[plt-scheme] append!?

From: Matthias Felleisen (matthias at ccs.neu.edu)
Date: Mon Oct 22 09:46:54 EDT 2007

You're correct of course. My message was tongue-in-cheek but just a bit.

A few things to think about:
  -- is Scheme a functional programming language?
  -- if so, what do you make of set!, set-cdr!, append! and friends?
  -- if you still agree that Scheme is a functional language, is Java  
such a language, too?
     (I claim its linguistics are but its implementation and its  
libraries are biased against FP (and OOP, see below))
  -- how about C? I can do FP in that language, if you allow the  
above primitives and ignore the lib issue.
     Indeed gcc is somewhat better for that purpose than javac on my  
machine. Though I will need to link in a gcc.
     (And pretty soon, my code will look like Matthew's.)

So what is FP? I'd like to propose the alternative of value-oriented  

  -- think of sets of values: V
  -- operations for creating them
       make-foo : X Y Z .. -> V for X, Y, Z of different sets of values

  -- operations for de-structuring them
       foo-select : V -> X

and if you really want to
  -- operations for mutating them
       foo-change : V X -> DONE
       where DONE = { 'the-mutation-is-finished }

Then programming is the task of creating functions that map sets of  
values to (other) sets of values

    program : V -> U

Specifically, it's about choosing operations for de-structuring the  
given inputs, creating (possibly temporary intermediate) values from  
other values, and returning such values. Sprinkle mutations in where  
needed. Compose existing programs when you can. (Think of if as an  
operation on booleans.)

In short, FP is a style of programming. Since OOP is about sending  
messages to objects and to combine the results with additional  
messages and constructors, what is the difference between FP and OOP?  
If OOPL designers were faithful to their origins, they'd equip their  
compilers with TCO (tail-call optimizations) and -- modulo syntax --  
you'd notice very little difference between OOP and FP (in Scheme).  
Not surprising of course if you think about the history of languages.

Sadly, most OOPL designers have instead chosen to create a pathway  
for imperative programmers -- EEs who masquerade as programmers by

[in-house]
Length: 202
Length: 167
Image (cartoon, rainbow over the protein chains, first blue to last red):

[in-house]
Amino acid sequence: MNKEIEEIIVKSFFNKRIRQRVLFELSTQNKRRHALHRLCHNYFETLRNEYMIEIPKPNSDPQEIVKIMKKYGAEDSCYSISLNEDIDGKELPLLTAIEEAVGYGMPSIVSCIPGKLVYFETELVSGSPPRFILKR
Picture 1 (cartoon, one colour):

composing changes to the machine state with ";" -- and have  
sacrificed a huge part of the OO philosophy in return. As a result,  
these languages are really just low-level ImpPLs with OO features as  

-- Matthias

On Oct 21, 2007, at 10:37 PM, Robert Nikander wrote:

> I know more about dysfunctional programming.
> I shouldn't have said you "can't" write a recursive function with  
> that list type.  I just meant that it is more convenient to write  
> recursive functions with the normal scheme lists.
> Rob
> On Oct 21, 2007, at 9:52 PM, Matthias Felleisen wrote:
>> I don't know what functional programming is but Kazimir's type  
>> description is perfectly fine data description for Scheme:
>>   ListB is (box List)
>>   List is one of:
>>    -- null
>>    -- (cons Data List)
>>   Note: List is the built-in type.
>> Now you really want to "lift" functions from the built-in type  
>> List to ListB, e.g.,
>>  (define (mapB f l)
>>    (set-box! l (map f (unbox l))))
>>  (define (appendB l1 l2)
>>    (set-box! l1 (append l1 l2)))
>> etc.
>> All he loses is the immediate applicability of the existing  
>> library. Ugly but doable.
>> Unless he meant something else. -- Matthias
>> On Oct 21, 2007, at 8:32 PM, Robert Nikander wrote:
>>> On Oct 21, 2007, at 6:45 PM, Majorinc, Kazimir wrote:
>>>> type list is record
>>>>   next: (pointer to node) or NIL;
>>>> end
>>>> type node is record
>>>>  data: pointer to anything;
>>>>  next: (pointer to node) or NIL
>>>> end
>>>> On that way there is no significant difference between empty and  
>>>> non-empty list, both are mutable. Obviously, it is not the Lisp  
>>>> way - but it begs for the question, why not? Did original  
>>>> designer or anyone else discussed it in some serious  
>>>> publication, or it was taken for granted without much  
>>>> questioning? I know, it is almost trivial topic, but I suspect  
>>>> it caused small but numerous troubles to Lisp users and  
>>>> implementors due to unnecessarily special nature of the empty list.
>>> It sounds like the problems you are talking about come from  
>>> trying to write imperative style in the functional language.
>>> The type above is a problem for recursive functions because  
>>> "next" is not a list, so you can't process the first item and  
>>> recurse on the rest.
>>> So, how do you iterate through the list?  Many imperative  
>>> languages have the concept of an "iterator", but often they  
>>> mutate, so you can't hang on to one as a pointer into your list.   
>>> If you try to create a "functional iterator", I bet you'll find  
>>> yourself reinventing the Lisp-style list -- your "iterator" will  
>>> have three operations, something like "done?" "current-item" and  
>>> "next".  And "next" will return a new iterator, not mutate  
>>> anything.  In other words, you'll have: null?, car, cdr.
>>> Rob
>>> _________________________________________________
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